Successful nNESTs: There’s no such thing as impossible!

Irma is an extremely ambitious and conscientious person who has clear objectives in life. University degree, EFL teacher, CELTA, DELTA, summer jobs in the UK, international experience both as a teacher and a teacher trainer. Her career has taken off, no wonder.

Irma was actually working with me in San Sebastian in 2012 when an amazing opportunity came into her way she couldn’t resist. I still remember the day she came with the news and that she was soon off to make her dreams come true. Let me tell you her story.

During the years, Irma has sent her CV and cover letter to hundreds of schools so her profile was in the ‘system’ available not only for the schools but for headhunting agencies, too (therefore she advises everyone to have a good CV and cover letter to send). One of these recruitment agencies contacted her with a job offer – they were looking for DELTA qualified teacher trainers to work for British Council within the scope of a governmental Mentor Project in Malaysia.

Once she replied she had a Skype interview with British Council, which was rather general apart from the questions concerning British Council Behaviours (and about which she needed to read beforehand). It seems qualifications speak for themselves as there were no professional questions and the non-native issue never came up. Later that day she was offered the job and she had only a few days to make her decision. From the moment she accepted the job things speeded up: BC applied for a work permit for her, her flight tickets were sorted out, a hotel room was booked for her and off she went.

She is without a doubt a confident, successful, and greatly honoured professional. She is, incidentally, a 28-year-old woman who is having the time of her life. She could only say good things about working in Malaysia and she warmly recommends it to anyone interested in working there.

But the best part is yet to come! After a year Irma was offered the Senior Teacher Trainer position!!! Although Irma has accepted the position, astonishingly, life had another thing in mind for her – she has been chosen to fill in the position of “academic operations manager.” What an achievement at such a young age and within so little time!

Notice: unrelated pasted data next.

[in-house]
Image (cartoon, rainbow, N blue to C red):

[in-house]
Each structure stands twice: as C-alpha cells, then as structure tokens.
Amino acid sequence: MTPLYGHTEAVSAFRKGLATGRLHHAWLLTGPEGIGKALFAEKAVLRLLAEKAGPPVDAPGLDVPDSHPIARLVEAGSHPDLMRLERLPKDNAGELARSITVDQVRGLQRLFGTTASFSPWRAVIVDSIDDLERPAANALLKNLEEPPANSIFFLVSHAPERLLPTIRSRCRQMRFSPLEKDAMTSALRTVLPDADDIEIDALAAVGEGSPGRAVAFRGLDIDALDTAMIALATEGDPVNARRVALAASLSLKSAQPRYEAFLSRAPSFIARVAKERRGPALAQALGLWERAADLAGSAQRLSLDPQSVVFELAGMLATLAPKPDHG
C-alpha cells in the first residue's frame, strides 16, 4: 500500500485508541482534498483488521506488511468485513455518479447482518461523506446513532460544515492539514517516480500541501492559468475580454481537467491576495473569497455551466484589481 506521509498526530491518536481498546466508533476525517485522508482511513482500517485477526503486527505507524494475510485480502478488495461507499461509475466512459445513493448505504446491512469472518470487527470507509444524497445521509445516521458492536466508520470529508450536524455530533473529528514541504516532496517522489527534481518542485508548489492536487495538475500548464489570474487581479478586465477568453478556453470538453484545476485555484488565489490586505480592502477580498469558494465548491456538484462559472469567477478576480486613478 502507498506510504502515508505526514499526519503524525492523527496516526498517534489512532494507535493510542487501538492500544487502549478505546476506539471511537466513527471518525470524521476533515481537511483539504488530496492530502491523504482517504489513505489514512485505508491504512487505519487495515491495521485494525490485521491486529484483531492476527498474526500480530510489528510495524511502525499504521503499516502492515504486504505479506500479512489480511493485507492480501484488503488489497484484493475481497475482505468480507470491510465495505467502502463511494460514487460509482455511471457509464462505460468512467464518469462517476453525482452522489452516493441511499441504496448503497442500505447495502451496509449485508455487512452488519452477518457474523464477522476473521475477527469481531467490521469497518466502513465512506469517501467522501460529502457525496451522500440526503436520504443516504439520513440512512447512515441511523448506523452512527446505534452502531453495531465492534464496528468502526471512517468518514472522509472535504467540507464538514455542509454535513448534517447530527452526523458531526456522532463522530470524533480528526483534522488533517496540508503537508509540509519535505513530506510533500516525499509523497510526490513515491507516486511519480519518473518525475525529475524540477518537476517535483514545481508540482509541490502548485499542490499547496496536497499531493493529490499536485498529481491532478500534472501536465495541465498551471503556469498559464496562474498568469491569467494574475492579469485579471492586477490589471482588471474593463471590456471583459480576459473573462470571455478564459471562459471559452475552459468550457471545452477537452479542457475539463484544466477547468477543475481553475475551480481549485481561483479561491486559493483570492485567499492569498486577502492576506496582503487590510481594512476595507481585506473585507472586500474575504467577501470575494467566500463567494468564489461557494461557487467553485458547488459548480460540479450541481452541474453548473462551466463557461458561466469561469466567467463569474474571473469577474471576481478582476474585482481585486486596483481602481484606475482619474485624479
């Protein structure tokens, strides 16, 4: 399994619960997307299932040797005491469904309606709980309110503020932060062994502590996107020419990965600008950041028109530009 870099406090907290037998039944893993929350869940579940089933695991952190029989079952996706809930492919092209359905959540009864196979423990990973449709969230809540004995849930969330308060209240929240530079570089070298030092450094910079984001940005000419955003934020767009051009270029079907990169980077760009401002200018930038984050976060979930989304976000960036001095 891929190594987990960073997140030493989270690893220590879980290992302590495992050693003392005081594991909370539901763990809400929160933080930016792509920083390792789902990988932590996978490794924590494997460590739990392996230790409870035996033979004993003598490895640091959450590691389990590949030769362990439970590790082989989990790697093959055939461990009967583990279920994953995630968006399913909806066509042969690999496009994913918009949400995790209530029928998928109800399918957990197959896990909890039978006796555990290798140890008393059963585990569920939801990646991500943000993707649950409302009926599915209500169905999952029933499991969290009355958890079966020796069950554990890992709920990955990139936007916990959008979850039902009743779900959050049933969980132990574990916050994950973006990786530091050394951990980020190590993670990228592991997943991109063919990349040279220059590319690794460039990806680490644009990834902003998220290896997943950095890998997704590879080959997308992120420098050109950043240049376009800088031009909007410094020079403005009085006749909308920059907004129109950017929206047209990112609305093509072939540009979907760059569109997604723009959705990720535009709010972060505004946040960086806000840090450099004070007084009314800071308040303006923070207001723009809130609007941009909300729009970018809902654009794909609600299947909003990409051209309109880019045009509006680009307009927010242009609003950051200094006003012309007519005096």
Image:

So forget all your concerns about “BC never employs non-natives” or “I can only be a simple teacher as a nNEST,” and go make your dreams come true! Congratulations Irma and thank you for raising our spirits! 

0 thoughts on “Successful nNESTs: There’s no such thing as impossible!”

  1. This is great that there are opportunities for anyone who is qualified and ambitious. And don't forget many of us native speakers are perfectly happy being just teachers, and have no ambitions to be directors or administrators.

  2. Yeah, good for her, but discrimination happens every day to non-native teachers, everywhere….I have been denied positions in MY OWN country. How encouraged are we suppouse to feel, when everytime I looked for a job, the first requirement was NATIVE TEACHERS ONLY?

  3. Thanks for your comment, Robert.
    Yes, it's fantastic and things have indeed been changing for the better.
    That's absolutely true! I'm sure there are also many NNESTs who don't really have ambitions to climb up the ladder and are quite content being a teacher.